by Greg Spearritt
Blasphemy has been in the spotlight lately.
Russian protest group Pussy Riot face two years’ jail for a 30-second political performance against Putin in a church. According to an ABC report, the judge in that case noted that the female band members crossed into an area of the church forbidden to women and opined that "The girls' actions were sacrilegious, blasphemous and broke the church's rules."
Now an 11-year-old Pakistani girl with Downs Syndrome has been arrested for blasphemy on the grounds that she was found carrying a bag with burnt pages on which texts from the Koran were inscribed.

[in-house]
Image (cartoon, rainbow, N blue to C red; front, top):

It all sounds a bit like 15th century Europe: as Carl Sagan in The Demon-Haunted World describes it, the persecution of witches under Pope Innocent VIII was a free-for-all with those in power wreaking terrible havoc in the lives of anyone (especially women) they had some kind of set against. All, of course, ostensibly in the name of preserving the sanctity of true religion.
It’s another reason why we in Australia should struggle to achieve freedom from, as well as of, religion in our civic and political life. Superstition and abuse of power go far too easily hand-in-hand with religious fervour.